Sunday Times Garden Design Competition 1992: Winner
Walled Garden, Formakin Estate, Bishopton, near Glasgow
The House, park and gardens at Formakin were designed by Sir Robert Lorimer (1864–1929), one of Scotland’s most distinguished architects in the early 1900’s and a contemporary of Sir Edwin Lutyens and Charles Rennie Mackintosh. In 1912, the client, the colourful John Augustus Holms, a wealthy Glasgow stockbroker lost the bulk of his fortune and was unable to complete the house, which remained an empty shell. The parkland and gardens however had been laid out before building work began and were well established. Unfortunately, after his death in 1938 the gardens fell into neglect for 50 years until the 1980’s when a charitable trust was set up to restore the estate.
By this time the gardens were completely overgrown, but much restoration work was achieved by reference to old plans, photographs and plant lists. However, one area, the southwest walled garden, was something of a mystery – no plans or photographs survived – only a mention in the records of an “Oriental Garden”. Another theory was that it had been a kitchen garden but this was thought unlikely, as the house was never lived in.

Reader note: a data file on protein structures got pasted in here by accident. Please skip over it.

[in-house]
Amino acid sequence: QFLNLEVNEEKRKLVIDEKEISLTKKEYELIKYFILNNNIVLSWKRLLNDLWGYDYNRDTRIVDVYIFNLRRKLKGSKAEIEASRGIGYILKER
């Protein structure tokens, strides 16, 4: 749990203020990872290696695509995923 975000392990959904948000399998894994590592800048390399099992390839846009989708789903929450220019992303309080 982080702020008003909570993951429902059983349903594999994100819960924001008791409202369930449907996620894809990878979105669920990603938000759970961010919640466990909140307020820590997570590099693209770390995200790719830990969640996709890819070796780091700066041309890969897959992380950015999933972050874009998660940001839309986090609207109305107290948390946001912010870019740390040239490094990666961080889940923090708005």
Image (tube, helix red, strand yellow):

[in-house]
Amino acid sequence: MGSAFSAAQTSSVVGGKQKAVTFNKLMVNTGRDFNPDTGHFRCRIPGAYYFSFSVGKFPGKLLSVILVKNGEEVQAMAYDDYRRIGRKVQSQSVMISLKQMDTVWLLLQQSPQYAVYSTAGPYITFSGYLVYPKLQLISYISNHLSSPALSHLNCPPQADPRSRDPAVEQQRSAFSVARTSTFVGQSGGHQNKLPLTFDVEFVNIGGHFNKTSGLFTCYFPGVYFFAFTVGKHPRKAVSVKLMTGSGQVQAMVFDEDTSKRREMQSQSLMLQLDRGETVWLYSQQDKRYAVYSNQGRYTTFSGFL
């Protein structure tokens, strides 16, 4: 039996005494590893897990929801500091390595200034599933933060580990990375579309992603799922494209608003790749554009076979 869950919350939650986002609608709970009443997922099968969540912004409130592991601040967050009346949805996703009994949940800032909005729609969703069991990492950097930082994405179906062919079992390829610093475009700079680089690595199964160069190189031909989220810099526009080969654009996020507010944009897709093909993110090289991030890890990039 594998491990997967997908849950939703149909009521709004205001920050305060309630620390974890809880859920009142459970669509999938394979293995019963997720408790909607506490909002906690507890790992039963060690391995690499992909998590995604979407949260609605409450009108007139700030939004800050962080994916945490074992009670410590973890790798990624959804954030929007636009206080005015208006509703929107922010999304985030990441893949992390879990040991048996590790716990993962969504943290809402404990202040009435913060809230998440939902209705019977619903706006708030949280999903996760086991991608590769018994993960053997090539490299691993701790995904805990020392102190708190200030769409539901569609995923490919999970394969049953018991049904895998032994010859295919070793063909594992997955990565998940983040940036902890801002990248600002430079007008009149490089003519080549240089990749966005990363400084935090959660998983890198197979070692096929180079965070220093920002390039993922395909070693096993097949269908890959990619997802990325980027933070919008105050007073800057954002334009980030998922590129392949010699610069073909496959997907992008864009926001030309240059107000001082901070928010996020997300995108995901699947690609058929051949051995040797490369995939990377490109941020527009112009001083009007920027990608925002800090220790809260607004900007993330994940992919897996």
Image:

Rather than rely on guesswork the Trust chose to hold an open design competition, which was organised in conjunction with the “Sunday Times”.
The Competition Brief
The Trust placed no constraints on entrants in terms of style, only that designs acknowledged that the competition garden was one of a series of linked “garden rooms”. Although no budget was set entrants were advised that the Trust would have to raise funds to implement the design. Over 300 entries were received from as far a field as Germany and Australia.
The Winning Design
Although complimentary in terms of materials, the new design contrasted with adjoining gardens through internal sub-division, achieved principally by “extension” of existing wall buttresses in the form of hedging, and level changes to create a variety of spaces. This was reinforced by planting of different character, for example the “Rose Walk”, “White” and “Yellow” gardens.
"The great merit of the design, apart from its excellent detailing and fine presentation, were felt to be its appropriateness to the site and the harmony with which it will marry the house and the surrounding gardens. It was also felt that it resolved imaginatively and economically, several problems. For example, a collapsed wall will be replaced by a “viewing mound”, formed from excavations to create a sunken lawn. It was felt that a feature such as this would have pleased the flamboyant Holms”. Graham Rose, Gardening Editor, Sunday Times.
Unfortunately, the trust could not raise sufficient funds to realise the design or indeed to continue to maintain the estate. The property was sold to a developer and the mansion house converted to luxury homes and apartments but the garden was not restored.
Interestingly in 2008 the new owners of the walled garden contacted Helen Taylor to start discussions on implementing a garden design in the walled garden.